I played the piece and people were very impressed, unsurprisingly given its inherent quality. When they realised that it was composed by a girl who was only fifteen at the time they were stunned. One obviously enjoyed it especially because she mentioned it as part of a thread on a messageboard that our community shares. The thread dealt with songs that made you cry and she still had this song in her head, a few weeks later. It had affected her much as it had affected me.

I responded with a little background for those who hadn't heard the song, and I praised the young lady responsible as I would anyone deserving of such praise. When I said that 'she is without a doubt the most talented person I've ever met', I was merely being honest. I have more respect for her character, integrity and talent than for anyone else on the planet. And that was the end of that.

Or at least I thought it was. The young lady in question found her way, months later, to the messageboard and to my comments. The thanks were not necessary, but the way in which she chose her words meant as much to me as mine did to her. Out came the smile.

And so to the second thankyou. These thankyous are unexpected by default, but this one was the most unexpected of them all, for a number of reasons.

You may remember, solitary reader, an entry in this series of pieces that dealt with the omnipotence of the internet. Someone had pointed out that he had never not found what he sought online, and the piece was my balancing response. I especially noted two searches that I have tried often, never reaching nearer a result than precisely nowhere. One of these searches was Michael Maltese, the writer of many of the most influential Loonie Tunes cartoons and creator of some of the most memorable characters. I believe that he has helped to forge western culture like no other, yet I couldn't even find a photo of him online.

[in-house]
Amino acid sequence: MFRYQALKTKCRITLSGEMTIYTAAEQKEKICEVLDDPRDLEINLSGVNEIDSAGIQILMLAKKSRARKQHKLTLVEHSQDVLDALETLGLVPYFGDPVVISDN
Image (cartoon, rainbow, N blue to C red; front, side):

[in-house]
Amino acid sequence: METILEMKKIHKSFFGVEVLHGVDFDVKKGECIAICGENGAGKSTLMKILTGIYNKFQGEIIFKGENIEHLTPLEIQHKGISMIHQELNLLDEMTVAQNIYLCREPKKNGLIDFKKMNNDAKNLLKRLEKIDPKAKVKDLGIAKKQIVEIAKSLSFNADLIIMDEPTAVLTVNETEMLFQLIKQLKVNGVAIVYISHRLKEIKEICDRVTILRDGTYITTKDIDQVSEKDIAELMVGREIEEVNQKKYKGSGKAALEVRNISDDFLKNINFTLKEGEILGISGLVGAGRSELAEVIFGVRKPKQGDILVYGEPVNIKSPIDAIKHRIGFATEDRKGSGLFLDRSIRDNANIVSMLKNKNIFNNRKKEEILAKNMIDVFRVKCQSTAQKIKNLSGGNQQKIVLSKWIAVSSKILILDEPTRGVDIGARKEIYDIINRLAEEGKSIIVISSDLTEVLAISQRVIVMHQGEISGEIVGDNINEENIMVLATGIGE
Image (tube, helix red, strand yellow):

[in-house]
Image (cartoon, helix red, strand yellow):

Well, the initial update is that I found a photo, though not online. He's there in and amongst a bunch of fellow workers in a picture in Chuck Jones's book, 'Chuck Amuck', smiling quite wonderfully. Without having any preconceptions of his appearance, he looks exactly as he should.

The further update is that within the last two weeks I've received e-mails from both his daughter and his granddaughter. The internet may not contain everything under the sun but it has proved to be an unsurpassed means of communication. When I read those mails, out came the smile. I may not have found the photo and the biography that I was looking for, but I may just have found a background story far wider than I could have imagined.

More important than the information I was seeking so hard, the mere fact that I was seeking at all and that I wrote about my search touched two ladies obviously very proud of their father and grandfather. That in itself makes this whole series worthwhile. Anything further is a bonus.

To all of you, thank you.